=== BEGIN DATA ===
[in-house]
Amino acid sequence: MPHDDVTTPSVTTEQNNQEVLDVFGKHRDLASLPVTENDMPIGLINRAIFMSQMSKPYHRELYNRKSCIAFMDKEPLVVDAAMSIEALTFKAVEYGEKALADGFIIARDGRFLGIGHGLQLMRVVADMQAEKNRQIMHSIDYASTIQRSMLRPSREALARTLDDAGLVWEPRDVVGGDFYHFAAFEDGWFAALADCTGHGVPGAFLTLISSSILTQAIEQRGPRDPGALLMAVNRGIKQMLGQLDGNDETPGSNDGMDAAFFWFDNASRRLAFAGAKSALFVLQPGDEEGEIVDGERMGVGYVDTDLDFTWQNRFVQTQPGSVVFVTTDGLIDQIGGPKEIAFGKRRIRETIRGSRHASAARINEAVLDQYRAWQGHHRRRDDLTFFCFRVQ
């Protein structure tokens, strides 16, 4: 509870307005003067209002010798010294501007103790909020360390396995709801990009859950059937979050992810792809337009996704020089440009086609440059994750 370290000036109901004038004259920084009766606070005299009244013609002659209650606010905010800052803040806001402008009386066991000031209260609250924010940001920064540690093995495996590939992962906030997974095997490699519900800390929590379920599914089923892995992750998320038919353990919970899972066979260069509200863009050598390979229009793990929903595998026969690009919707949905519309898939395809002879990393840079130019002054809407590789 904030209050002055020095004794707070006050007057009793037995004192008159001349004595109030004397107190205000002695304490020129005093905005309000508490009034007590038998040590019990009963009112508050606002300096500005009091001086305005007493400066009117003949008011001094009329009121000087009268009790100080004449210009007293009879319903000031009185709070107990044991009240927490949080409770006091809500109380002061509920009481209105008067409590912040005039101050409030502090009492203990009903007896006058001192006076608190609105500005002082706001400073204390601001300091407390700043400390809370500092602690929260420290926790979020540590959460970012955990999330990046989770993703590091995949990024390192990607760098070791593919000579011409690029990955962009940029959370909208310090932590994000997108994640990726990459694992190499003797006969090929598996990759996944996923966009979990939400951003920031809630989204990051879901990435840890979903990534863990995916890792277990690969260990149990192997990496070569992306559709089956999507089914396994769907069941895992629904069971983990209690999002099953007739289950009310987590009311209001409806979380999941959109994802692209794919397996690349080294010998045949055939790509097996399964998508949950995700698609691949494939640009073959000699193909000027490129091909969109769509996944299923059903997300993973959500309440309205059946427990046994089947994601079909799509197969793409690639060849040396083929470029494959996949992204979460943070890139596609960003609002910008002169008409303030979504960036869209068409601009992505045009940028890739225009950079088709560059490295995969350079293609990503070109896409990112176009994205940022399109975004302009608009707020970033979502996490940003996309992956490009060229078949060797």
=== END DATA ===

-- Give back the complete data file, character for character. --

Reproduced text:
[in-house]
Amino acid sequence: MPHDDVTTPSVTTEQNNQEVLDVFGKHRDLASLPVTENDMPIGLINRAIFMSQMSKPYHRELYNRKSCIAFMDKEPLVVDAAMSIEALTFKAVEYGEKALADGFIIARDGRFLGIGHGLQLMRVVADMQAEKNRQIMHSIDYASTIQRSMLRPSREALARTLDDAGLVWEPRDVVGGDFYHFAAFEDGWFAALADCTGHGVPGAFLTLISSSILTQAIEQRGPRDPGALLMAVNRGIKQMLGQLDGNDETPGSNDGMDAAFFWFDNASRRLAFAGAKSALFVLQPGDEEGEIVDGERMGVGYVDTDLDFTWQNRFVQTQPGSVVFVTTDGLIDQIGGPKEIAFGKRRIRETIRGSRHASAARINEAVLDQYRAWQGHHRRRDDLTFFCFRVQ
């Protein structure tokens, strides 16, 4: 509870307005003067209002010798010294501007103790909020360390396995709801990009859950059937979050992810792809337009996704020089440009086609440059994750 370290000036109901004038004259920084009766606070005299009244013609002659209650606010905010800052803040806001402008009386066991000031209260609250924010940001920064540690093995495996590939992962906030997974095997490699519900800390929590379920599914089923892995992750998320038919353990919970899972066979260069509200863009050598390979229009793990929903595998026969690009919707949905519309898939395809002879990393840079130019002054809407590789 904030209050002055020095004794707070006050007057009793037995004192008159001349004595109030004397107190205000002695304490020129005093905005309000508490009034007590038998040590019990009963009112508050606002300096500005009091001086305005007493400066009117003949008011001094009329009121000087009268009790100080004449210009007293009879319903000031009185709070107990044991009240927490949080409770006091809500109380002061509920009481209105008067409590912040005039101050409030502090009492203990009903007896006058001192006076608190609105500005002082706001400073204390601001300091407390700043400390809370500092602690929260420290926790979020540590959460970012955990999330990046989770993703590091995949990024390192990607760098070791593919000579011409690029990955962009940029959370909208310090932590994000997108994640990726990459694992190499003797006969090929598996990759996944996923966009979990939400951003920031809630989204990051879901990435840890979903990534863990995916890792277990690969260990149990192997990496070569992306559709089956999507089914396994769907069941895992629904069971983990209690999002099953007739289950009310987590009311209001409806979380999941959109994802692209794919397996690349080294010998045949055939790509097996399964998508949950995700698609691949494939640009073959000699193909000027490129091909969109769509996944299923059903997300993973959500309440309205059946427990046994089947994601079909799509197969793409690639060849040396083929470029494959996949992204979460943070890139596609960003609002910008002169008409303030979504960036869209068409601009992505045009940028890739225009950079088709560059490295995969350079293609990503070109896409990112176009994205940022399109975004302009608009707020970033979502996490940003996309992956490009060229078949060797």